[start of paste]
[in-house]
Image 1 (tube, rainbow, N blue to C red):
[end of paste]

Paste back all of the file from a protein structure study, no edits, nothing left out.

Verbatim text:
[in-house]
Image 1 (tube, rainbow, N blue to C red):